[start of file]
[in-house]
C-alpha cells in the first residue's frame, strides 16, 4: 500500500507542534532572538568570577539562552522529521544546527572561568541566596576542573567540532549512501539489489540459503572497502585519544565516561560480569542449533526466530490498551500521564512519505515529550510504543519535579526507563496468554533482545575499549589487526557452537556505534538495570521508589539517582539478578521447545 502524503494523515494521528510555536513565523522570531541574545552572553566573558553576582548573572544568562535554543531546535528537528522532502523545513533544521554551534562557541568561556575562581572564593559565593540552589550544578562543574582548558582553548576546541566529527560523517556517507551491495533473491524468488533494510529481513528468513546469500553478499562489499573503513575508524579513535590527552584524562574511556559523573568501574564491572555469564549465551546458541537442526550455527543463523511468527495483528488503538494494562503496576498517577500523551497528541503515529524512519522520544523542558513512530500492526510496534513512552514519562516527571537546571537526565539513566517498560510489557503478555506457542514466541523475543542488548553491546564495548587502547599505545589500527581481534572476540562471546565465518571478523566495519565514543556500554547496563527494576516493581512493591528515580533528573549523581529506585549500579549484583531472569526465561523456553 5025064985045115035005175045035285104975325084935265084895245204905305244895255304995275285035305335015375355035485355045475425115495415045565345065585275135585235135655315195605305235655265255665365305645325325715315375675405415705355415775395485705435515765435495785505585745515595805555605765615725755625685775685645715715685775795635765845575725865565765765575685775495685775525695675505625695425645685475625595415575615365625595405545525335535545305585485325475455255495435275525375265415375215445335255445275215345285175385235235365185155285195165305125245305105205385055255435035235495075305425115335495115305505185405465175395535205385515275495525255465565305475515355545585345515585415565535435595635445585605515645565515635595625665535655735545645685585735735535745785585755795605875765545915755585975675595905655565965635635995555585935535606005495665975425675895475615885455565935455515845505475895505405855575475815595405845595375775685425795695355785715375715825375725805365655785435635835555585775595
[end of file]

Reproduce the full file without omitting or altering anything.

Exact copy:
[in-house]
C-alpha cells in the first residue's frame, strides 16, 4: 500500500507542534532572538568570577539562552522529521544546527572561568541566596576542573567540532549512501539489489540459503572497502585519544565516561560480569542449533526466530490498551500521564512519505515529550510504543519535579526507563496468554533482545575499549589487526557452537556505534538495570521508589539517582539478578521447545 502524503494523515494521528510555536513565523522570531541574545552572553566573558553576582548573572544568562535554543531546535528537528522532502523545513533544521554551534562557541568561556575562581572564593559565593540552589550544578562543574582548558582553548576546541566529527560523517556517507551491495533473491524468488533494510529481513528468513546469500553478499562489499573503513575508524579513535590527552584524562574511556559523573568501574564491572555469564549465551546458541537442526550455527543463523511468527495483528488503538494494562503496576498517577500523551497528541503515529524512519522520544523542558513512530500492526510496534513512552514519562516527571537546571537526565539513566517498560510489557503478555506457542514466541523475543542488548553491546564495548587502547599505545589500527581481534572476540562471546565465518571478523566495519565514543556500554547496563527494576516493581512493591528515580533528573549523581529506585549500579549484583531472569526465561523456553 5025064985045115035005175045035285104975325084935265084895245204905305244895255304995275285035305335015375355035485355045475425115495415045565345065585275135585235135655315195605305235655265255665365305645325325715315375675405415705355415775395485705435515765435495785505585745515595805555605765615725755625685775685645715715685775795635765845575725865565765765575685775495685775525695675505625695425645685475625595415575615365625595405545525335535545305585485325475455255495435275525375265415375215445335255445275215345285175385235235365185155285195165305125245305105205385055255435035235495075305425115335495115305505185405465175395535205385515275495525255465565305475515355545585345515585415565535435595635445585605515645565515635595625665535655735545645685585735735535745785585755795605875765545915755585975675595905655565965635635995555585935535606005495665975425675895475615885455565935455515845505475895505405855575475815595405845595375775685425795695355785715375715825375725805365655785435635835555585775595